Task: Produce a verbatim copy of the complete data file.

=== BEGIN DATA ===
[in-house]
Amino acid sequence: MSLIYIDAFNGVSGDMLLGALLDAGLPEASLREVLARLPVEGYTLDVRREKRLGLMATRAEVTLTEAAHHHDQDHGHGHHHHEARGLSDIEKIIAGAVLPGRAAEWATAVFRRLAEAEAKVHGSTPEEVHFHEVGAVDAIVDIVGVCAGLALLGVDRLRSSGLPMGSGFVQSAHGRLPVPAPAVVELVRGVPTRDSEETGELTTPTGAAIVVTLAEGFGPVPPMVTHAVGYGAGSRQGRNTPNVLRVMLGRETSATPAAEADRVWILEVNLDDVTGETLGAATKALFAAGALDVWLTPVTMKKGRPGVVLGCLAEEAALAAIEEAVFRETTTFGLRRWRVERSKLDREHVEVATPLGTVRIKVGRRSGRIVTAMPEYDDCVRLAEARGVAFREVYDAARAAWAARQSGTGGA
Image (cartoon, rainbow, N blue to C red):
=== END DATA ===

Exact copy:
[in-house]
Amino acid sequence: MSLIYIDAFNGVSGDMLLGALLDAGLPEASLREVLARLPVEGYTLDVRREKRLGLMATRAEVTLTEAAHHHDQDHGHGHHHHEARGLSDIEKIIAGAVLPGRAAEWATAVFRRLAEAEAKVHGSTPEEVHFHEVGAVDAIVDIVGVCAGLALLGVDRLRSSGLPMGSGFVQSAHGRLPVPAPAVVELVRGVPTRDSEETGELTTPTGAAIVVTLAEGFGPVPPMVTHAVGYGAGSRQGRNTPNVLRVMLGRETSATPAAEADRVWILEVNLDDVTGETLGAATKALFAAGALDVWLTPVTMKKGRPGVVLGCLAEEAALAAIEEAVFRETTTFGLRRWRVERSKLDREHVEVATPLGTVRIKVGRRSGRIVTAMPEYDDCVRLAEARGVAFREVYDAARAAWAARQSGTGGA
Image (cartoon, rainbow, N blue to C red):